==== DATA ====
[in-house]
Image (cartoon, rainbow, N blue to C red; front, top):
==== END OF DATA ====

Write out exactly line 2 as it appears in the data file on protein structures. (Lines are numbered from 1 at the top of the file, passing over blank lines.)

Image (cartoon, rainbow, N blue to C red; front, top):